Columnist: How to tell if you have affluenza — and the cure |

Columnist: How to tell if you have affluenza — and the cure

Lindsay DeFrates
Staff Photo |

It would appear that America has a new disease du jour.

Well, some may argue that it is not actually a disease, but it is definitely du jour. In fact, it has made more headlines (with a significantly larger-sized font) than the resurgence of polio.

What is this imminent threat to the health and well being of our nation?

The ironically titled “affluenza” is, according to Ethan Couch’s defense attorney, a state of total ignorance to the consequence of one’s actions brought on by wealthy parents who coddle a sense of irresponsibility.

We all, no doubt, just rolled our eyes in disgust or at least sighed in an exasperated fashion. Just call him a spoiled brat and be done with it. Ridiculous, right?

Yet perhaps a few us had some nagging questions. What if I have affluenza? How would I know? Is it a congenital disorder only passed down by bad parenting? Or can one contract it later in life? How contagious is it, really?

Not to worry. Even though the hypochondriac’s delight (aka WebMD) weirdly refuses to offer it as a possible diagnosis, there is hope. I have developed a highly sophisticated diagnostic and treatment tool, relying heavily on expertise gained from more than a decade of work in various anti-affluenza positions such as retail, restaurants, coffee shops and raft guiding. I will focus heavily on the service industry as it allows for the most relevant day-to-day reflection for life in this valley.

So, to determine conclusively whether you have contracted affluenza, please take the following quiz:

1. Do you often avoid making/forget to make eye contact with the person making you coffee? Y/N

2. Have you ever justified leaving a bad tip with a phrase like, “Well, he just didn’t go above and beyond?” Y/N

3. Do you regularly show up late for reservations/appointments but see no need to apologize? Y/N

4. Have you ever made a reservation for a service (restaurant, spa, rafting, etc) and then after your plans changes, neither shown up nor called to cancel? Y/N

5. When you experience truly bad service at a bar, retail store or restaurant, do you take some righteous pleasure in sharing your ordeal with as many of your social acquaintances as possible in order to receive what you are sure is some well-deserved sympathy? Y/N

6. Do you ever talk on your phone/text while simultaneously speaking with an actual human being to make an order or ask a purchase-related question? Y/N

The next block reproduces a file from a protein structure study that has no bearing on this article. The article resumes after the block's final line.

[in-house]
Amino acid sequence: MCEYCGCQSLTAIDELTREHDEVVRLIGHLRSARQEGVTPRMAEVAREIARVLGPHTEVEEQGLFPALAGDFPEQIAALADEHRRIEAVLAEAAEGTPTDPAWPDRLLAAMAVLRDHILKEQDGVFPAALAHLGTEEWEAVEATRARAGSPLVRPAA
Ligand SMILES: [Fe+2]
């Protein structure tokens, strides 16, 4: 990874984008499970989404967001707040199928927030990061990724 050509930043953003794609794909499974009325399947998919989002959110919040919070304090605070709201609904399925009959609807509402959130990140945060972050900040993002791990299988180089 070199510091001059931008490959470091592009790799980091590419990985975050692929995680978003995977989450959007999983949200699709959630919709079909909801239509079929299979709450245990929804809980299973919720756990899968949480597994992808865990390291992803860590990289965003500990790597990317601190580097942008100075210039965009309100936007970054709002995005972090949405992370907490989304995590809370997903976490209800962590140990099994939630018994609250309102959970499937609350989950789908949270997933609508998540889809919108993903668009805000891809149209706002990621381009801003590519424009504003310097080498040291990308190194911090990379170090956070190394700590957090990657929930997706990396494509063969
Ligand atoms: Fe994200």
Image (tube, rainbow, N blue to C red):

7. Do you believe your waitress is responsible for the kitchen 86ing seared Ahi tuna? Y/N

8. Have you ever placed blame on an employee of any establishment because of unfortunate natural phenomenon, such as wind, rain, flooding, fires, bank robberies and/or I-70 closures? Y/N

If you answered yes to none of these questions, I hope your shift manager gives you next Friday night off for once.

If you answered yes to at least two of these questions, you may be demonstrating the first symptoms of affluenza and should leave your next server/barista/house-keeper an extraordinarily generous tip.

If you answered yes to five or more, please take immediate action to prevent the disease from progressing any further.

If you answered yes to all of them, I’m fairly sure you have stopped reading and this paper is now in the trash can next to the recycling bin. Your case may be inoperable.

Now on to the treatment. Fortunately, affluenza is highly reversible, even when it has been present in a host for years. Although there are many, many prescribed remedies, such as barefoot pilgrimages across India and writing sincere thank-you notes for friends and family, I am going to focus on one intensive treatment program that is readily available in the Roaring Fork Valley. This option is also the most effective inoculation against the disease when applied at a young enough age.

I promise it does not involve specialists, expensive tests or therapy.

All you need to do is get a job. No, I know you have a career, but you need to get a job. Just for a few months even. Only the most severe cases have been shown to require lifetime treatments. Most individuals can fully reverse the effects of affluenza by taking a job even for just a few months as long as it meets the following criteria:

1. It must not require a specialized degree.

2. It should be a position that offers only hourly compensation for full effect.

3. The schedule must require potential nights, weekends and holidays. Nothing kills affluenza faster than giving your family a call from behind the counter to say, “Happy Thanksgiving.”

4. It must involve interaction with the public on a daily basis, regardless of your ability to “deal with that right now.”

5. It should include co-workers who do not fall within your traditional socio-economic boundaries, yet will, inexplicably, still treat you like a decent human being and maybe even cover your shift on that one night.

6. Tip-dependent positions are most effective.

After just a few months of living paycheck to paycheck, having to be polite to every customer every day, cleaning up your own messes and having no excuses for not showing up for work, your level of human decency will have increased so dramatically that your affluenza will have disappeared, and you will not need a booster for at least a few decades.

Lindsay DeFrates lives and teaches in Carbondale. She writes and rafts, grades and goes down slides, sometimes not in that order. Her column will appear the first Tuesday of every month.

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